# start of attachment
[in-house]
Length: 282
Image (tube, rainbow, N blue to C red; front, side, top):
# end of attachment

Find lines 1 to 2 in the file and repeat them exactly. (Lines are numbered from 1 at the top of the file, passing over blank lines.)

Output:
[in-house]
Length: 282